Listen, Learn, and Love - 3 Keys to Harmony

Dr. Joan's Advice

Date: 07/23/2013

By: Dr. Joan

Subject: The Truth about Rape

Dear Nana:

Sometimes we are confronted with seemingly insurmountable decisions ... ones we do not want to make, but we must act and move forward. In your case, you are facing a difficult choice. Your grandson, who is in your custody, has been charged as a juvenile offender in a rape case. A shocking fact is that your grandson is 15. Another outrageous fact is that the victim is his younger half-sister, who is not in your custody. Your dilemma is that you know where your grandson was at the time of the rape, and you know he was the only person with your granddaughter.

To further complicate the situation, your daughter, who is the mother of your grandson, has warned you that she does not want you to give the information you have about your grandson’s involvement. She has informed you that she wants to get to the point where the judge orders counseling for both your grandson and your granddaughter.

I do not know the laws in your state that address family testimony. Generally speaking, you may be able to refuse to testify because you are a close relative and you fear self-incrimination. I must ask, however, why would you fear incrimination? Yes, you are his legal guardian, but you are not his constant companion. Finally, since this case will be processed in criminal court, you may find yourself in contempt of court if you refuse to testify.

Consider the basic question: What is the truth? If the truth is that your grandson is the only person who could have perpetrated this assault against his sister, then the truth must be known, and it will be said from your mouth. The relationships with your daughter and with your grandson will have to take their own course over time. Yes, both of your grandchildren will benefit from counseling, and the court will see to that, but first must come the prosecution of the case. At 15, your grandson knows right from wrong. He knowingly committed a crime and must stand up to the punishment. When we tell the truth, we feel no guilt. And so it is for you.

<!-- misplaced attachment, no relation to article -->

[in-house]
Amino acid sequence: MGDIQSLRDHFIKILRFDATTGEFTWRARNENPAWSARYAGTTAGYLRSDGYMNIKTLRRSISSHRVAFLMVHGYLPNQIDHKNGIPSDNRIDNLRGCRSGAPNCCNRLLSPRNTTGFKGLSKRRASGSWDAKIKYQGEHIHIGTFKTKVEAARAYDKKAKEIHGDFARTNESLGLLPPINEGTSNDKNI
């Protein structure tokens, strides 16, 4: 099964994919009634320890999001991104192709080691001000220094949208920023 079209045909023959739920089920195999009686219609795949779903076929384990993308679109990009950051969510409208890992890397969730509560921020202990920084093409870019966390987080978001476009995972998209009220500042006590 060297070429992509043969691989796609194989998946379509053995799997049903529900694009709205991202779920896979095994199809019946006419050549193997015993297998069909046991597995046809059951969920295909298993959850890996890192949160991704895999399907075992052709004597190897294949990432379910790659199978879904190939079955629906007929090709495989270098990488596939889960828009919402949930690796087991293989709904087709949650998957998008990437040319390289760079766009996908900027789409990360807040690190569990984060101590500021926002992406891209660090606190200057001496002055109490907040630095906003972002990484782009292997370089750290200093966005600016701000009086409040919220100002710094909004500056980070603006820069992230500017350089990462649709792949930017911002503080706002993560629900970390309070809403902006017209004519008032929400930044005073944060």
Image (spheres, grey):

My final question is: Why do you have custody of your grandson? There must have been a reason your daughter was unable to maintain custody. I assume you stepped in for a purpose. If you accepted custody when your grandson was young, I further assume you have done your best to rear him with solid values. Somewhere, somehow he cast aside those values. Let us hope he can retool himself and reclaim a productive life. By telling the truth, you will set an example for your grandson. You will demonstrate that the bricks lining the path to a successful future are all labeled with the name TRUTH.

My heart is with you in this difficult circumstance.

Dr. Joan’s Harmony Key: The truth shall set you free.

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